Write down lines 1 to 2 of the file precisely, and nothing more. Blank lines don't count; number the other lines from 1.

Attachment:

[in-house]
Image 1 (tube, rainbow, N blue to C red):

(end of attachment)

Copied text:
[in-house]
Image 1 (tube, rainbow, N blue to C red):